Jason Reitman, son of a Ghostbuster, on making a sequel about the daughter of a Ghostbuster
Seemingly out of nowhere, Ghostbusters has become the most preciously held franchise outside of something like Star Wars. What started as an eccentric sci-fi comedy from the mind of Dan Aykroyd has now turned into a third rail of genre filmmaking. In the decades between Ghostbusters 2 and the 2016 Paul Feig reboot Ghostbusters: Answer the Call, countless attempts were made to resurrect this universe. Perhaps all that waiting is why the response to Answer the Call and this month’s Ghostbusters: Afterlife seems so fraught. Audiences expect something from these movies, but what that is is a bit of a mystery. Too much nostalgia. Not enough nostalgia. More or less irreverence. The original film was a lightning bolt into the popular consciousness back in 1984. Replicating that might be the hardest thing to do in franchise filmmaking.
Despite all of those existential hurdles, Jason Reitman, son of the original director Ivan, took on the job of rebooting and continuing the Ghostbusters mythology with Afterlife. Reitman and I spoke the day after the first screening of the movie, at New York Comic-Con. Reitman was upbeat in that moment, luxuriating in the aftermath of that successful exhibition. But now, the film faces wider audiences who might be more skeptical of the path he’s chosen. When we sat down, we discussed why he chose that path, assembling his cast of kid Ghostbusters, and his philosophy on directing Bill Murray.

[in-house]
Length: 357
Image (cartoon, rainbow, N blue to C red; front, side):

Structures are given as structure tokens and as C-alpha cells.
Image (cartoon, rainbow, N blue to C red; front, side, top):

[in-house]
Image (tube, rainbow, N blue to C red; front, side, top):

[Ed. note: This conversation has been edited for clarity.]
I want to ask you, first up, how did it feel yesterday to finally show it to fans? And that reaction, and that emotion come out of people?
Jason Reitman: Amazing. I mean, look, we’ve been waiting to show this movie for awhile. It feels like this secret that we’ve been holding on to and like, it’s like Christmas Day. Christmas Day got pushed a year. Yeah. And I’m just waiting for that audience to open up the present. And I really only had one experience at Comic Con. Prior to this, I had been to Comic Con 10 years ago for Jennifer’s Body and to be there with Ghostbusters and to be there with my father. And to be there with, you know, the cast. And my writing partner Gil Kennan and to watch them enjoy this film and hear those chairs and watch my father cry. I don’t know how to explain it like it.